He had his first tattoo some time after-the eagle perched on the cannon. It was done by a local artist. It hurt very little, just enough to make it appear to Parker to be worth doing. This was peculiar too for before he had thought that only what did not hurt was worth doing. The next year he quit school because he was sixteen and could.He went to the trade school for a while, then he quit the trade school and worked for six months in a garage. The only reason he worked at all was to pay for more tattoos.His mother worked in a laundry and could support him, but she would not pay for any tattoo except her name on a heart, which he had put on, grumbling. However, her name was Betty Jean and n.o.body had to know it was his mother.He found out that the tattoos were attractive to the kind of girls he liked but who had never liked him before. He began to drink beer and get in fights. His mother wept over what was becoming of him. One night she dragged him off to a revival with her, not telling him where they were going.When he saw the big lighted church, he jerked out of her grasp and ran. The next day he lied about his age and joined the navy.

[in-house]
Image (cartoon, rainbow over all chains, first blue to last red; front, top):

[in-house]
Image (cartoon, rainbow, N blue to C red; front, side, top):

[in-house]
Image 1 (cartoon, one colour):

Parker was large for the tight sailor's pants but the silly white cap, sitting low on his forehead, made his face by contrast look thoughtful and almost intense. After a month or two in the navy, his mouth ceased to hang open. His features hardened into the features of a man. He stayed in the navy five years and seemed a natural part of the grey mechanical ship, except for his eyes, which were the same pale slate-color as the ocean and reflected the immense s.p.a.ces around him as if they were a microcosm of the mysterious sea. In port Parker wandered about comparing the rundown places he was in to Birmingham, Alabama.Everywhere he went he picked up more tattoos.